And as they stood thus fighting, by fortune came Sir Launcelot and Sir Bleoberis riding. And then Sir Launcelot rode betwixt them, and asked them for what cause they fought so together: And ye are both knights of King Arthur!
SIR, said Meliagaunce, I shall tell you for what cause we do this battle. I praised my lady, Queen Guenever, and said she was the fairest lady of the world, and Sir Lamorak said nay thereto, for he said Queen Morgawse of Orkney was fairer than she and more of beauty. Ah, Sir Lamorak, why sayest thou so? it is not thy part to dispraise thy princess that thou art under her obeissance, and we all. And therewith he alighted on foot, and said: For this quarrel, make thee ready, for I will prove upon thee that Queen Guenever is the fairest lady and most of bounty in the world. Sir, said Sir Lamorak, I am loath to have ado with you in this quarrel, for every man thinketh his own lady fairest; and though I praise the lady that I love most ye should not be wroth; for though my lady Queen Guenever, be fairest in your eye, wit ye well Queen Morgawse of Orkney is fairest in mine eye, and so every knight thinketh his own lady fairest; and wit ye well, sir, ye are the man in the world except Sir Tristram that I am most loathest to have ado withal, but, an ye will needs fight with me I shall endure you as long as I may. Then spake Sir Bleoberis and said: My lord Sir Launcelot, I wist you never so misadvised as ye are now, for Sir Lamorak sayeth you but reason and knightly; for I warn you I have a lady, and methinketh that she is the fairest lady of the world. Were this a great reason that ye should be wroth with me for such language? And well ye wot, that Sir Lamorak is as noble a knight as I know, and he hath ought you and us ever good will, and therefore I pray you be good friends. Then Sir Launcelot said unto Sir Lamorak. I pray you forgive me mine evil will, and if I was misadvised I will amend it. Sir, said Sir Lamorak, the amends is soon made betwixt you and me. And so Sir Launcelot and Sir Bleoberis departed, and Sir Meliagaunce and Sir Lamorak took their horses, and either departed from other.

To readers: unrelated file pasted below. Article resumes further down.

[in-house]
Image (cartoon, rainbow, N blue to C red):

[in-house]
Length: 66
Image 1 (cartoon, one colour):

And within a while came King Arthur, and met with Sir Lamorak, and jousted with him; and there he smote down Sir Lamorak, and wounded him sore with a spear, and so he rode from him; wherefore Sir Lamorak was wroth that he would not fight with him on foot, howbeit that Sir Lamorak knew not King Arthur.
NOW leave we of this tale, and speak we of Sir Tristram, that as he rode he met with Sir Kay, the Seneschal; and there Sir Kay asked Sir Tristram of what country he was. He answered that he was of the country of Cornwall. It may well be, said Sir Kay, for yet heard I never that ever good knight came out of Cornwall. That is evil spoken, said Sir Tristram, but an it please you to tell me your name I require you. Sir, wit ye well, said Sir Kay, that my name is Sir Kay, the Seneschal. Is that your name? said Sir Tristram, now wit ye well that ye are named the shamefullest knight of your tongue that now is living; howbeit ye are called a good knight, but ye are called unfortunate, and passing overthwart of your tongue. And thus they rode together till they came to a bridge. And there was a knight would not let them pass till one of them jousted with him; and so that knight jousted with Sir Kay, and there that knight gave Sir Kay a fall: his name was Sir Tor, Sir Lamorak's half-brother. And then they two rode to their lodging, and there they found Sir Brandiles, and Sir Tor came thither anon after. And as they sat at supper these four knights, three of them spake all shame by Cornish knights. Sir Tristram heard all that they said and he said but little, but he thought the more, but at that time he discovered not his name.